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May 2, 2007

…And All thats to Come…

I’ll offer you a little Bob Dylan tune to hum while you read todays post …

And the first one now, Will later be last. For the times they are a-changin’.

There was a time when Yamaha, like most other companies could go about our business in a nice methodical fashion. We would produce and market our wares, then our service people would follow along quietly gathering and communicating information about the products performance to the mother ship. All of this unbeknown to you for the most part, until months later when a specification change would trickle down and on the following years model it would show up as standard. Something has happened that is changing all of this and you area big part of it.

The internet and what is being called the new web 2.0 experience, where people are not just downloading information, they are participating, uploading their thoughts and comments, taking part in a much larger ‘conversation’, one never before possible. We are part of a global community with a common interest in snowmobiles. The community by and large lives on self moderated ‘public forums‘ where many thoughts, ideas and questions are kicked around. The blogosphere is another important element in the new web and one which you are most likely now in the process of discovering but I digress…

What I really want to say is; I believe that companies like Yamaha, no longer have the luxury of time. Time to methodically digest and react to market information as we used to. Our customers voices have become too many and too strong not to acknowledge them in short order. But in reality our business model is like that of a huge ship in motion; it is not easily or quickly turned and once it starts to change direction there’s no turning back.

I received a comment from Turbocat over the weekend who took the time to carefully review his thoughts on our fuel capacity and market voice on the new sleds making specific reference to a Totallyamaha ‘poll’. I would like to address Tcats comment within this post.

Lets start with our fuel capacity right across the line. We have reduced the capacity in all our sleds (just a little) but not for the reasons of a lighter wet weight as has been suggested. What really happened is a result of something much greater. EPA regulations have become more stringent including the ones covering fuel-tank permeability or fuel lost to the atmosphere through evaporation. We have had to change the property and thickness of the fuel tanks to reduce the amount of loss and in the process, lost some capacity.

Now lets look at the FX Nytro and its smaller 27 liter tank. The capacity fits the concept of a lightweight bump sled (don’t forget the Nytro weighs the same as the current (non-XP) skidoo REV which has been the ‘holy grail’ of bump-sleds for many riders since 03). We know there is a demand for a larger ‘touring’ type fuel tank and we moved forward to see if we could build one for OE replacement. The conclusion is: we tried and we simply cannot… Why?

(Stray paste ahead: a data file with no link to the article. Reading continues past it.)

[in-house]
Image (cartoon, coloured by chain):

As a large international company, we must show due diligence with regards to product compliance regulations and ensure our products pass all the required tests. I took a very quick look at the tests for fuel tanks which are performed by third party, government approved agencies like US Testing Inc. according to SSCC standards to determine compliance. Here’s some of the details. A fuel tank must exceed its rated capacity by a minimum of 10% to allow for expansion (hence the sleeve in the filler neck). The tank must pass a drop test where it is filled full of fuel, sealed, cooled to -40F then dropped from a distance of four feet onto a smooth surface. Next the test is repeated after heating the full tank to +140F before being dropped. It is then sealed and weighed full of fuel and stored for 30 days in a controlled environment before being weighed a second time. It must not loose more than 3% of its weight due to permeation. Then there is a sunlight / UV test which determines the level of opaque, a pressure test, a brittleness test and a thermal cracking test. I probably missed a couple more but you get the picture… If it fails any of the above, it doesn’t go on a Yamaha.

We are now communicating with some after-market vendors who may be interested in producing some fuel tanks for special niche or competition markets. They would be responsible for the design, construction and marketing of their products without our direct endorsement. We are also looking at some accessory ‘fuel caddy’ devices to offer additional fuel storage without replacement of the OE spec tank. I thought I would update you on the facts. We hear your requests and we are trying to provide some solutions. We won’t have the final answers for some time yet.

I can also assure you our engineers are working on counter-measures and tweaks for the majority of the complaints and suggestions we have received from the field including the forums but like the days of old, we won’t say anything until all the planets are aligned and the ‘sun is eclipsed by the moon’ … or will we? 😉

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Posted @ 2:39 pm in Yamaha Insights